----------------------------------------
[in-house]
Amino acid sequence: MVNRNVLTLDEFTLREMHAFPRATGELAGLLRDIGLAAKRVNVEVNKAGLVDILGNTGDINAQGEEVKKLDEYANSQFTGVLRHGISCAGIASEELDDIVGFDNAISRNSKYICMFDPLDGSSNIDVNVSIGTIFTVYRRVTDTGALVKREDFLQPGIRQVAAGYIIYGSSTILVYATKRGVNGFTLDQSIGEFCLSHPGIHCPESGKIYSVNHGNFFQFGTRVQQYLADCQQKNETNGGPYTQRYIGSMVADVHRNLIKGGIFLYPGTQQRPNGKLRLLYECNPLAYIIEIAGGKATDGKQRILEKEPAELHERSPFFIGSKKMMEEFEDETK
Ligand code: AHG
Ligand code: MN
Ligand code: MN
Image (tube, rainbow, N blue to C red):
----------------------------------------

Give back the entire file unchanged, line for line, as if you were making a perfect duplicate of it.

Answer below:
[in-house]
Amino acid sequence: MVNRNVLTLDEFTLREMHAFPRATGELAGLLRDIGLAAKRVNVEVNKAGLVDILGNTGDINAQGEEVKKLDEYANSQFTGVLRHGISCAGIASEELDDIVGFDNAISRNSKYICMFDPLDGSSNIDVNVSIGTIFTVYRRVTDTGALVKREDFLQPGIRQVAAGYIIYGSSTILVYATKRGVNGFTLDQSIGEFCLSHPGIHCPESGKIYSVNHGNFFQFGTRVQQYLADCQQKNETNGGPYTQRYIGSMVADVHRNLIKGGIFLYPGTQQRPNGKLRLLYECNPLAYIIEIAGGKATDGKQRILEKEPAELHERSPFFIGSKKMMEEFEDETK
Ligand code: AHG
Ligand code: MN
Ligand code: MN
Image (tube, rainbow, N blue to C red):